It doesn’t even have the courtesy of being sexy. For a supposedly raunchy, R-rated sex farce, its sex scenes are firmly of the PG-13 variety, with its swearwords naughtier than its nudity: every unclothed private part is hidden behind an intricate arrangement of elbows, bed sheets and coffee tables a la “Austin Powers,” but not played for laughs. And both the opening sequence, where we witness Jay and Annie's early bedroom (and park and library) antics, and the closing sequence, where we finally see the contents of the sex tape, are nothing but cartoonish. Segel and Diaz are at least somewhat likable, but what chemistry they have can’t quite overcome the film’s palpable blandness. The film just kind of sits there, and as its plot becomes more and more unbelievable -- the scene at the YouPorn headquarters is all kinds of stupid -- the only logical response is to let out a long, frustrated sigh. And I haven’t even mentioned the film’s gravest error: Rob Lowe’s in a film called “Sex Tape” and the film doesn’t even make a joke about it. How do you mess that up?
Sunday, 31 August 2014
Directors: Robert Rodriguez, Frank Miller Writers: Frank Miller Studios: Dimension Films, Troublemaker Studios, Aldamisa Entertainment, Miramax Entertainment, Demarest Films, Solipsist Films Cast: Mickey Rourke, Jessica Alba, Josh Brolin, Joseph Gordon-Levitt, Rosario Dawson, Bruce Willis, Eva Green, Powers Boothe, Dennis Haysbert, Ray Liotta, Jaime King, Christopher Lloyd, Jamie Chung, Jeremy Piven, Christopher Meloni, Juno Temple Release Date (UK): 25 August, 2014 Certificate: 18 Runtime: 102 min
Creamy white blood splattering through the night air. Gun-toting prostitutes in bondage gear prowling the streets of Old Town. Shoulder to shoulder drunks drooling over the dancer Nancy at Kadie’s Saloon. And the big brute Marv growling about his “condition” -- right before crushing some punk’s throat with the heel of his boot.
Welcome back to Sin City. It’s been a while: it’s been damn near a decade, in fact, since Robert Rodriguez and Frank Miller’s 2005 neo-noir first burst onto cinema screens in all its twisted, sleazy and hyper-stylised glory. And after year upon year of delay upon delay, a sequel is finally here. So I guess the question is, was follow-up “Sin City: A Dame to Kill For” really worth the 9-year wait? In truth, not entirely: back in the directors’ chairs, Rodriguez and Miller essentially present us with more of the same, but not as good -- hardly surprising for a sequel, but after 9 years, it is difficult not to expect, and indeed hope for, something more. And yet, speaking as a big fan of both the first film and the original comic series (and as someone who may or may not own the entire set of “Sin City” action figures, bought from his local Forbidden Planet), it is, I have to admit, quite thrilling to be thrust back into this comic book world full of anti-heroes, femme fatales, crooked cops and limb-lopping ninja hookers once again -- even if it is a clear-cut case of diminishing returns.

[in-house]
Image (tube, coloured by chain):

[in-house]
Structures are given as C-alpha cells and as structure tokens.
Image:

Visually, the film is a striking, electrifying joy. It oozes raw style, with its select splashes of colour against stark monochrome, its noirish shadows and white-against-black silhouettes, its splattering bodily fluids, its CG backdrops, and its ragdoll, Looney Tunes physics. If one were to be magically transported into the panels of Miller’s original comics, this is exactly what it would look like: many of Rodriguez’s compositions are even taken straight from those panels. Of course, we saw all this in the first film, so the element of surprise in regards to its outlandish visual aesthetic has long since passed. But there’s still a pulpy verve to it, as well as a delightfully depraved sense of humour to its OTT violence -- though a moment where an unconscious character has his eyeball viciously torn out rang a little needlessly cruel and sadistic for my taste.